Apparently there've been an onslaught of law suits resulting from the massive number of data breaches, and while I have no issue whatsoever with a company looking for actual damage --injury to a customer --meaning a customer can show that a loss of their privacy data actually cost them money, reputation, etc... I do have a problem with lawyers looking for the simple out by claiming that the stores owed legal or contractual obligations to protect a customers data.
So my question is this... is this legal wrangling or they really believe and practice this?
If this legal tract is real (I've not read the transcripts), this sets bad precedent. In this case both companies settled but still paid. Unfortunately there are many more breaches that I'm sure will end up in court with leagues of smart(er?) lawyers who'll figure out how to make effectively utilize this defense.
At the same time, at the other end of the legal spectrum, there's a movement afoot in the UK to hold CEOs legally responsible for ensuring that baseline controls are in place to ensure the security of computer-based data --which of course, is just about everything.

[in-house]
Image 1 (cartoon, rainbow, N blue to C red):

I'm keeping this short today. Heading out to WV to fly fish the Potomac with a friend. It's 5:30AM, so please forgive any typos. I attempted to get this written earlier in the week but...
Also, please have a look at the Wapack Labs blog. We've been posting analytic executive summaries. If we have indicators for the stories, we'll give you the link to either our own indicator database, Threat Recon, or our Soltra Edge location where you can pull indicators. It's a new form of publish for us. I'd love to hear your feedback.
So, until next time, I'm "Gone fish'n!"
Have a great weekend!